Finally, Mr. Niedelman provided some very useful statistical analysis that gives insight into what the FDA is focusing on now and what deficiencies FDA most frequently cites in Form-483s and Warning Letters. Mr. Niedelman first provided a look at the number of Warning Letters issued by each division of the FDA, and he compared this year (through August) with 2010. This data demonstrated that the FDA’s trend of increasing enforcement actions is likely to continue. The only FDA division that is on track to issue fewer Warning Letters than it did in FY 2010 appears to be the Center for Drug Evaluation and Research. Mr. Niedelman then broke down the Warning Letters by the deficiencies they address, which showed that complaint systems were cited most frequently in Warning Letters in 2010. As for Form-483s, a similar analysis revealed that CAPA violations were those most frequently noted in Form-483s in 2010.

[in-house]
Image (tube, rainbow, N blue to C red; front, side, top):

Steven Niedelman is the lead quality systems and compliance consultant for the FDA & Life Sciences practice team at King & Spalding, specializing in regulatory, enforcement and policy matters involving FDA-regulated industries.